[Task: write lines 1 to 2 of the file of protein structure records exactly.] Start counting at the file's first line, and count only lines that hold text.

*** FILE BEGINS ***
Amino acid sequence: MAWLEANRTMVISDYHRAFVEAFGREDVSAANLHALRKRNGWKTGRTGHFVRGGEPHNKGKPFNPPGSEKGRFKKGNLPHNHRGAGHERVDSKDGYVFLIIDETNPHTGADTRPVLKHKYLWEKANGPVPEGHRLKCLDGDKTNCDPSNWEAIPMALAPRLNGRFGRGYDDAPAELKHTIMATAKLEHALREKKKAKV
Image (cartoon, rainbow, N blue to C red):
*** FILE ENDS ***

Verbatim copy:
Amino acid sequence: MAWLEANRTMVISDYHRAFVEAFGREDVSAANLHALRKRNGWKTGRTGHFVRGGEPHNKGKPFNPPGSEKGRFKKGNLPHNHRGAGHERVDSKDGYVFLIIDETNPHTGADTRPVLKHKYLWEKANGPVPEGHRLKCLDGDKTNCDPSNWEAIPMALAPRLNGRFGRGYDDAPAELKHTIMATAKLEHALREKKKAKV
Image (cartoon, rainbow, N blue to C red):